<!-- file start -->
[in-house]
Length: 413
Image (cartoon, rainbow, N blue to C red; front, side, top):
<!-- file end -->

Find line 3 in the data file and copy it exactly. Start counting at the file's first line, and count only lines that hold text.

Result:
Image (cartoon, rainbow, N blue to C red; front, side, top):